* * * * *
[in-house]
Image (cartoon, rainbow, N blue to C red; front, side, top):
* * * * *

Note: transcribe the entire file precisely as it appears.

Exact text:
[in-house]
Image (cartoon, rainbow, N blue to C red; front, side, top):